All of my sculptures are made completely by hand without the use of patterns or molds, and I use local resources whenever possible. I create in both polymer clay and wool, and most often explore my love of the natural world and its wondrous inhabitants as my subject matter. My wool sculptures are formed using a process called needle felting, where a single barbed needle is used to compress and shape the wool; often there is a wire skeleton inside to allow for playful positioning. Each sculpture is one of a kind and the result of many patient hours of hand felting or sculpting.
After spending so much time patiently laboring to get the facial expressions and overall personality just right, I feel a deep and emotional connection to each of my pieces and to the animals that have inspired them. It is my hope to encourage an abiding respect and appreciation for the creatures we share our world with through my art, and to help further conservation causes as well.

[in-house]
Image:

I am a self taught sculptor and folk artist living in the Eastern Panhandle of West Virginia. I first discovered an affinity for sculpture with polymer clay in late 2014, and took advantage of the readily available tutorials online to learn basic skills and techniques. I was most drawn to making anthropomorphic clay sculptures of engaging animals and started a small business called Aniclay Art to showcase my animated and playful sculptures. I gradually grew frustrated with the inflexible, frozen nature of clay and began to search for a new medium that would allow for greater interaction with a finished piece. I found the emerging field of needle felting in early 2015 and was instantly captivated by the process of taking wool and other fibers, and entangling them with a single barbed needle into a seemingly endless variety of shapes and textures. I once again found a wealth of resources online and have since been refining and enhancing my technique in the pursuit of ever more realistic and engaging sculptures.